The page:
Save teaching jobs: Forget hike for consultants

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KW writes: While politicians whine about school budgets: The proposal to stop hikes for consultants (or, maybe even let go some consultants) is a great idea, proposed in NYC, that could apply elsewhere. Some folks might also remember the school attorney scandal in NY. Some of the largess of school systems goes to overpaid consultants, professionals, and former administrators. And, there may still be bulk to cut there related to overblown contracts and salaries, and/or unfairly earned pensions (like the attorneys who had worked for schools part-time, but were given pension credit.)

Another fix — which would be structural and more permanent — for the ongoing problem of bloated school budgets, would be for the state to require a “menu item budget”. Instead of blackmailing the public with a “Yes or No” vote on the budget, the state could require school districts to present separate budget items to be voted on separately, such as “increase teacher salaries”, “increase administrative salaries”, “increase extra-curricula budget”, “increase transportation budget”. That would create much more accountability in the budgeting system.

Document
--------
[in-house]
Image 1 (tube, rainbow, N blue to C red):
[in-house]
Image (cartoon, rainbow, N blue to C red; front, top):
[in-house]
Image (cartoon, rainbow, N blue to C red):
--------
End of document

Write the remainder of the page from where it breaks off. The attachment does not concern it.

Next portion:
(excerpt from) NY Daily News
Public Advocate De Blasio has plan to save some teaching jobs: Forget hike for consultants
by Rachel Monahan / March 7th 2011

The city should save 300 teachers from layoffs by canceling its plans to increase payments to high-priced computer consultants, Public Advocate Bill de Blasio urged Saturday.

In a letter to Schools Chancellor Cathie Black, De Blasio recommended also looking for other cuts to avoid increasing class sizes in city public schools.

“There is nothing more important for our children’s education than keeping teachers in the classroom,” he wrote.

The Daily News reported Friday that the agency is planning to increase its budget for the technology contracts next fiscal year by 86%, or $24 million, while planning to lay off 4,600 teachers.

De Blasio noted that class size is already on the increase and suggested there were other ways to save teachers.

“The department should examine its administrative budget to identify any superfluous spending that could be used to prevent teacher layoffs,” he wrote. “Freezing all nonessential expenditures, such as this contract, is without doubt the right place to start.”…

Education Department officials declined to comment Saturday on De Blasio’s letter.

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